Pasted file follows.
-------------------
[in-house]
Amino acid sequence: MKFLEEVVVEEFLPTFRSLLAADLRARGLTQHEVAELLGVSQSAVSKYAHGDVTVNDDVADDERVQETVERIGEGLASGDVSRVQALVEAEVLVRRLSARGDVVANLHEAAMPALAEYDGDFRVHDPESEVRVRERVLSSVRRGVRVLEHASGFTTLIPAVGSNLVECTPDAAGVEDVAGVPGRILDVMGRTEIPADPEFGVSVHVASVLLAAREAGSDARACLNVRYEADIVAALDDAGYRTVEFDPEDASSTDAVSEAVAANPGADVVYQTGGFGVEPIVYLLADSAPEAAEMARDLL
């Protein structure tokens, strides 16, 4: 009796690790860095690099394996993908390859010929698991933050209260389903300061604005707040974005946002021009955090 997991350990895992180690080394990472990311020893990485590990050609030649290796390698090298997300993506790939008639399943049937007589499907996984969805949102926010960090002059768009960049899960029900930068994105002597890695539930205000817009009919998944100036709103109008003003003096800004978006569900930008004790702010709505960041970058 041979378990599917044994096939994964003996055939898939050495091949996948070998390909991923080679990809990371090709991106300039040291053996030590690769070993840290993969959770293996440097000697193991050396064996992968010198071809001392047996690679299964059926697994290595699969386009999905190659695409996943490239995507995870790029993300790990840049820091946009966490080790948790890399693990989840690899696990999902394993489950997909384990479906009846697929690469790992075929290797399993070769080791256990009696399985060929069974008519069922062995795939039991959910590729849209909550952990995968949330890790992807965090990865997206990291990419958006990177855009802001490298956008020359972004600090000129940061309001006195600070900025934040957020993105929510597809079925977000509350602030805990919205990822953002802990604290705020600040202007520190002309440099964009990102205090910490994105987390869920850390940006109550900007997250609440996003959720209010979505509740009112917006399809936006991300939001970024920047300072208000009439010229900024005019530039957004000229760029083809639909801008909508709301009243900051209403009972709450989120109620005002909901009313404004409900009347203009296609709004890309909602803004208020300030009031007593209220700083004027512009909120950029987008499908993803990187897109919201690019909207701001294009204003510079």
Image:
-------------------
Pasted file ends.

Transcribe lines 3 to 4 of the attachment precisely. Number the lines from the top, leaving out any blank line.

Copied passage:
């Protein structure tokens, strides 16, 4: 009796690790860095690099394996993908390859010929698991933050209260389903300061604005707040974005946002021009955090 997991350990895992180690080394990472990311020893990485590990050609030649290796390698090298997300993506790939008639399943049937007589499907996984969805949102926010960090002059768009960049899960029900930068994105002597890695539930205000817009009919998944100036709103109008003003003096800004978006569900930008004790702010709505960041970058 041979378990599917044994096939994964003996055939898939050495091949996948070998390909991923080679990809990371090709991106300039040291053996030590690769070993840290993969959770293996440097000697193991050396064996992968010198071809001392047996690679299964059926697994290595699969386009999905190659695409996943490239995507995870790029993300790990840049820091946009966490080790948790890399693990989840690899696990999902394993489950997909384990479906009846697929690469790992075929290797399993070769080791256990009696399985060929069974008519069922062995795939039991959910590729849209909550952990995968949330890790992807965090990865997206990291990419958006990177855009802001490298956008020359972004600090000129940061309001006195600070900025934040957020993105929510597809079925977000509350602030805990919205990822953002802990604290705020600040202007520190002309440099964009990102205090910490994105987390869920850390940006109550900007997250609440996003959720209010979505509740009112917006399809936006991300939001970024920047300072208000009439010229900024005019530039957004000229760029083809639909801008909508709301009243900051209403009972709450989120109620005002909901009313404004409900009347203009296609709004890309909602803004208020300030009031007593209220700083004027512009909120950029987008499908993803990187897109919201690019909207701001294009204003510079």
Image: